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Wednesday, 25 April 2012 12:48

Selling Haywood a collective effort

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Departing from the normal talks of budget cuts and tightening belts, Haywood County commissioners asked a group of tourism and town leaders how the county could pitch in to help bring visitors or new second-home owners to the county.

The commissioners met with members of the county tourism board and elected officials from Canton, Maggie Valley and Waynesville, among others, last week to discuss tourism and how the county can attract more residents or second-home owners.

“I would be interested in the county putting money into something,” said Commissioner Kirk Kirkpatrick. “How can the county help?”

One option Kirkpatrick offered up was commercial advertising. The county could look into a commercial that would collectively market Haywood County to people in other parts of the U.S.

“I would be interested in doing something like that if it’s in the best interest of everybody,” Kirkpatrick said.

“We would be interested in the county putting money into something too,” came the quick reply of Alice Aumen, a board member with the Haywood County Tourism Development Authority.

Aumen’s swift acquiescence to the county tossing in a few shekels drew chuckles from other leaders seated around the large square table.

The trick is getting people here, not so much selling them on the place — the area generally speaks for itself once people come to visit, several attendees stated.

“It all starts with a visit. It all starts with them being a tourist here,” said Lynn Collins, executive director of the TDA. Collins said that many retirees and second-home owners were initially tourists in the county before they were residents.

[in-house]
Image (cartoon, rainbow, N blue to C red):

The meeting last week, billed as a roundtable discussion, was a chance for county commissioners to get up to speed on the tourism authority’s marketing campaign and strategy.

Jennifer Duerr, a member of the tourism board, suggested marketing Haywood County as centrally located between Gatlinburg and Asheville. People could stay in Haywood County and easily make daytrips to either location, she said.

Duerr also emphasized the county and towns should use more pictures and videos of the area. It is their best form of advertisement but often is under-utilized.

“It is so simple,” Duerr said. “This gorgeous area has been given to us like a gift, and we always walk away from that.”

The Tourism Development Authority recently purchased its own film equipment and has been shooting video to use in its advertising efforts.

As discussions dove deeper, several leaders noted that it is difficult to market “Haywood County” per se when few people know where it is or even that it exists. Out-of-town visitors are more likely to recognize Maggie Valley, many stated.

“Well, we are glad to let you use (the name) Maggie Valley,” half-joked Maggie Mayor Ron DeSimone.

Haywood County as a whole should build upon the efforts of places, such as Maggie Valley, Waynesville and Lake Junaluska, which have name recognition nationwide.

Ben Glover, owner of Maggie Mountain Rentals, said that he shied away from naming his business Haywood Mountain Rentals because he feared it would attract fewer customers.

“Haywood County, we were scared of and that is kind of sad,” Glover said.

Glover said a concerted effort may be able to change that.

“The term ‘Haywood County’ needs to be collectively promoted,” said Glover, a member of the TDA board.

Wintertime recreation was also a particular topic of concern at the meeting. Beyond Cataloochee Ski Area, the list of activities is meager.

“In the wintertime, we are truly at a loss for things to tell them to do,” Collins said. “We do have a shortage of things for children to do.”

Aumen agreed, adding that the county should focus on attracting entire families that can come back generation after generation.

County Commissioner Mike Sorrells suggested creating more indoor events to occupy people during the cold winter months and offering package deals for travelers.

Several leaders said that the towns are not adequately communicating what they have to offer to tourism leaders who tout the activities as reasons to visit Haywood County.

“I think that is everybody’s shortcoming,” said Canton Town Manager Al Matthews. “We can’t fault (tourism promoters) for not telling (visitors) about something that they don’t know exists.”

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